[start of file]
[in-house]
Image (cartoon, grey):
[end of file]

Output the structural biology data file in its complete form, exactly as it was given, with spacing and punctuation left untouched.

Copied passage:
[in-house]
Image (cartoon, grey):